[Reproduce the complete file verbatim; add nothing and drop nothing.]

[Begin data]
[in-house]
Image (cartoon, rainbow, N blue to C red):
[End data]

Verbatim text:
[in-house]
Image (cartoon, rainbow, N blue to C red):